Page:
Burden, Costs of Gastrointestinal, Liver Disease Estimated in U.S.
(HealthDay News) — In the United States, the burden and associated costs of gastrointestinal (GI), liver, and pancreatic diseases are substantial, according to a report published in the December issue of Gastroenterology.
Anne F. Peery, MD, from the University of North Carolina School of Medicine at Chapel Hill, and colleagues used data from the U.S. Centers for Disease Control and Prevention, the Agency for Healthcare Research and Quality, and the National Cancer Institute to estimate the burden and costs of GI and liver disease.
The researchers found that in a year there were seven million diagnoses of gastroesophageal reflux and almost four million diagnoses of hemorrhoids in the ambulatory setting. In 2012, functional and motility disorders resulted in nearly one million emergency department visits, mostly for constipation. The most common diagnosis leading to hospitalization was GI hemorrhage, with more than 500,000 discharges in 2012, at a cost of nearly $5 billion. During the last 20 years there were increases in hospitalizations and associated costs for inflammatory bowel disease, Clostridium difficile infection, and chronic liver disease. More than one million people were identified in the United States with colorectal cancer in 2011. Colorectal cancer was the leading GI cause of death, followed by pancreatic and hepatobiliary neoplasms.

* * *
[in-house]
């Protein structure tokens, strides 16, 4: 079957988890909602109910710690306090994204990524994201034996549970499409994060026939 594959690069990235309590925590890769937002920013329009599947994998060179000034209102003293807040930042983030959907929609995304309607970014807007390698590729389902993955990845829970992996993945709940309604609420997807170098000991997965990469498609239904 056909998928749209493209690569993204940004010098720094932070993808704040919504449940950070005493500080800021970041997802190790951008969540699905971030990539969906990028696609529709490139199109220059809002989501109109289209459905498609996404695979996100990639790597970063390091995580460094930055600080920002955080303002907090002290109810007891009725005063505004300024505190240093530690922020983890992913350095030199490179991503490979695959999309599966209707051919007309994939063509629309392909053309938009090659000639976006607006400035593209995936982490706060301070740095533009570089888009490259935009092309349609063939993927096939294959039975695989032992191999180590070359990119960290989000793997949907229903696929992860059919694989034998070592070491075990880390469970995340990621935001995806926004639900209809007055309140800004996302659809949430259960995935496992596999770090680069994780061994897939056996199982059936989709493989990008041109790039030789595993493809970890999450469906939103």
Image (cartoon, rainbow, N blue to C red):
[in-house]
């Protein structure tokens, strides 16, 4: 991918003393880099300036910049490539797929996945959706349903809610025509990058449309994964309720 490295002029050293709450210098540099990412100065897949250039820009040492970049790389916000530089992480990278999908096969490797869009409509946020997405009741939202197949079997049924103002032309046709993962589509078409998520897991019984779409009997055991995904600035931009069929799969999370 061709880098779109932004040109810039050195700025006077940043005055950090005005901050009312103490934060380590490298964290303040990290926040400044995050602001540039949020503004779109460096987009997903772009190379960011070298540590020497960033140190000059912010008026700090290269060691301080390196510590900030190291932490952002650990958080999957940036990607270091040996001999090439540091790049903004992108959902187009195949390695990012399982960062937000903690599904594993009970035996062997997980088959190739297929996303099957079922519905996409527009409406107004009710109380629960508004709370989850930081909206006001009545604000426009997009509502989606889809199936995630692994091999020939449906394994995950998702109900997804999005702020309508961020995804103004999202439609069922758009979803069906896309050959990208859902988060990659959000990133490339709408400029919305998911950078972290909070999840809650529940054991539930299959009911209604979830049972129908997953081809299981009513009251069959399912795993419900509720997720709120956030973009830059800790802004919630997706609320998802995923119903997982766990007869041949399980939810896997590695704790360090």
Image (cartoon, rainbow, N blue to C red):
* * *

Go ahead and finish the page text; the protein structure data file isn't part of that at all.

"These diseases account for substantial utilization of health care resources and costs in the United States," the authors write.